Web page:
Atlanta continues to be impacted by the “Covid Crime Wave,” as Mayor Keisha Lance Bottoms calls it. There were a devastating 157 homicide cases in 2020, breaking a two decade record. The count has already surpassed 100 victims in 2021. According to The New York Times, the dramatic increase is partly because of the pandemic’s effect on police departments and at-risk populations.
One of the violent crime cases currently being discussed is the murder of 40-year-old Katherine Janness and her dog Bowie. According to 11Alive, Janness was stabbed multiple times at Piedmont Park in the early hours of July 28, 2021. Atlanta Intown reports that detectives have spoken with a potential witness to her and Bowie’s murder.
Rumors of a serial killer on the loose began to circulate as the Federal Bureau of Investigation began working on Janness’ case. The FBI can be called in for other tasks apart from serial killer cases, such as hate crime investigations and assembling criminal profiles, so this does not necessarily mean officials are calling this a serial case.
Also, many connected this case to another unsolved murder that same day. Just a few hours later, 18-year-old Tori Lang was found shot dead in Yellow River Park, and her car was found burned just a few miles away. Although they happened simultaneously, there currently is no information that links the cases together.
There are no current suspects for either cases. According to 11Alive, police might be releasing fewer details to protect misinformation in a court case. “The last thing you want is to come out and provide misinformation,” said former police officer and now attorney Mike Puglise. “A criminal defense attorney is going to jump all over that.” Contact 911, the anonymous Crime Stoppers Atlanta tip line at (404) 577-8477, or www.StopCrimeATL.com if you discover any new information on Janness and Lang’s cases.
Gwinnett police Sgt. J.R. Richter wants everyone to stay safe. “That means being aware of your surroundings, staying in well-lit areas, letting friends and family know where you are, not being distracted by your phone and trusting your instincts,” said Richter.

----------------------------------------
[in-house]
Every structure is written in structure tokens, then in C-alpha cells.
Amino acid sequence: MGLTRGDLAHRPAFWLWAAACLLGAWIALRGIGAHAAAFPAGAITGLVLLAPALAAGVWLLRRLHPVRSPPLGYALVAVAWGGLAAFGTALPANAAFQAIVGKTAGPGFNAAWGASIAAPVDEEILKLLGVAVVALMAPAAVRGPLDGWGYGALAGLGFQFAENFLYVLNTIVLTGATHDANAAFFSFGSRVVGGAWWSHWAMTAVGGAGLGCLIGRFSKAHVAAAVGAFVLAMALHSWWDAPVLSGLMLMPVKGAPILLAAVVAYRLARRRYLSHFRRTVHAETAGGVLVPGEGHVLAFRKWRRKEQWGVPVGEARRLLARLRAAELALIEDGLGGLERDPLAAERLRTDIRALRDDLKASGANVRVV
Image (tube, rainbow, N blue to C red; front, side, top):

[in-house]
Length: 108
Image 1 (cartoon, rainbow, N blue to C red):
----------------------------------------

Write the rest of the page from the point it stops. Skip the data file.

This crime wave is a significant political threat to Bottoms and may be one of the reasons she decided not to run for a second term. According to NPR, she explained that there was no single reason for her decision. “It is abundantly clear to me today that it is time to pass the baton on to someone else,” said Bottoms on May 7, 2021.
Former Mayor Kasim Reed, who left office in 2018 after two terms, has decided to run again after Bottom’s decision, making him one of five mayoral candidates for the Nov. 2 race. Atlanta’s murder total has almost doubled since Reed left office, and he has received many donors since his announcement to run again. “People remember what the city was like when I was mayor, and they have come to the conclusion that things were better when I was mayor,” said Reed. These “things” allude to crime rates. Reed has expressed confidence in decreasing Atlanta’s crime rate because he has done it before.
Attorney Sharon Gay, another mayoral candidate, disagrees with Reed’s plans. “I think it is simplistic for him to say, and for our citizens to assume, that because he has been mayor before, he alone has the answers,” she said. Others are uneasy about Reed’s possible reelection due to the ongoing federal corruption investigation that compromised 10 of his staff members. City Councilman Andre Dickens, who is also running for mayor, expressed his concerns about Reed. “We spent a lot of time over the last four years trying to prove to the citizens of Atlanta, … the state, … employees of the city and others, that we are ethical … despite a cloud of corruption that was over the last administration.” He does not believe the previous source of corruption should come back into play.